Although Americans are divided in their perceptions of how police do their jobs, majorities across demographic and partisan groups agree on what law enforcement’s top priorities ought to be.
A newly released Cato Institute/YouGov survey of 2,000 Americans finds that when people are asked to select their top three priorities for the police they choose the following:
- Investigating violent crime like murder, assaults, and domestic violence (78%)
- Protecting individuals from violent crime (64%)
- Investigating property crime and robbery (58%)
Notably, only 30% think police should make enforcing drug laws a top three priority. Some may find these results surprising, given that police made more arrests for drug abuse violations (1.6 million) than they did for violent crimes (498,666) in 2014. The estimated number of violent crimes committed that year was 1.2 million.
Find the full public opinion report here
Nineteen percent (19%) say police should make enforcing traffic laws a top priority. In other words, Americans de-prioritize the task leading to the most common interaction individuals have with the police—receiving a traffic ticket.
Another 18% think police should prioritize going beyond traditional law enforcement responsibilities by “providing guidance and social services to troubled young adults.” And another 12% say police enforcing public nuisance laws is most important.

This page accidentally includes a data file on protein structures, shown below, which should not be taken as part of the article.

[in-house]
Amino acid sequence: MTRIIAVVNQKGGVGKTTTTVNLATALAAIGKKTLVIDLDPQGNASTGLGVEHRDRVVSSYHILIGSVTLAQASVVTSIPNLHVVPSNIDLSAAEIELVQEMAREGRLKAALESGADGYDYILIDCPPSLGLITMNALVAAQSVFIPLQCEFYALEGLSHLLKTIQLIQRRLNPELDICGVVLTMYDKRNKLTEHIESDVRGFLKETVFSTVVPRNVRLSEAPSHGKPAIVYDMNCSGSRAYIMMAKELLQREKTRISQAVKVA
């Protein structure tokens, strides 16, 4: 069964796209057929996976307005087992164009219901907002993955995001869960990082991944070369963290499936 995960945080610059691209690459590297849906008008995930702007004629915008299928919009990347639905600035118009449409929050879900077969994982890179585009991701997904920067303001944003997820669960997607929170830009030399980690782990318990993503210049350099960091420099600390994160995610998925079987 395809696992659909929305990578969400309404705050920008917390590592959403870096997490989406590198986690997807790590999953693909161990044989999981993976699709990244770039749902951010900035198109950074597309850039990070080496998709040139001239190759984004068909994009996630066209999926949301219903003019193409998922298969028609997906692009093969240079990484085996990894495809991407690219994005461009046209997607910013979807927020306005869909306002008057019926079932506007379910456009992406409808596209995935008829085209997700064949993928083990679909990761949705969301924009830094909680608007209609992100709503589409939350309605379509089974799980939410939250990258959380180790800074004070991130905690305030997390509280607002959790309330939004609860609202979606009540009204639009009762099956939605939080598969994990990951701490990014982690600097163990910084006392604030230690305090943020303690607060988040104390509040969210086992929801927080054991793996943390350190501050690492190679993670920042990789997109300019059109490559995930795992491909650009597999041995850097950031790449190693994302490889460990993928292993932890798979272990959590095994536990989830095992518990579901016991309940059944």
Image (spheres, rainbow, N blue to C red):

Black, white, and Hispanic Americans, Democrats and Republicans prioritize the same top three tasks for law enforcement. However, groups differ in their intensity of support. African Americans and Hispanics (45%) and Democrats (51%) are less likely than white Americans (63%) and Republicans (63%) to prioritize the police investigating property crime and robbery. (Although this difference largely dissipates among individuals above the median income.) African Americans, Latinos, and Democrats (27%) are about twice as likely as whites (15%) and three times as likely as Republicans (9%) to say the police should prioritize “providing guidance and social services to troubled young adults.”
No racial group is more likely to prioritize the police enforcing drug laws—30% of whites, Hispanics, and blacks each say it should be a top priority. Even partisans generally de-prioritize fighting the drug war. Thirty-five percent (35%) of Republicans and 27% of Democrats say it should be a top three priority.
Despite these modest differences, Americans across partisanship and demographics agree that the police should prioritize fighting violent and property crime and protecting people from being victims of violence.
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The Cato Institute/YouGov national survey of 2,000 adults was conducted June 6–22, 2016 using a sample drawn from YouGov’s online panel, which is designed to be representative of the U.S. population. YouGov uses a method called sample matching, and restrictions are put in place to ensure that only the people selected and contacted by YouGov are allowed to participate. The margin of sampling error for all respondents is +/-3.19 percentage points. The full report can be found here, topline results can be found here, and full methodological details can be found here.
div Christine Eith and Matthew R. Durose, Contacts between Police and the Public, 2008, edited by Bureau of Justice Statistics (Washington, D.C.: U.S. Department of Justice, 2011), https://www.bjs.gov/content/pub/pdf/cpp08.pdf.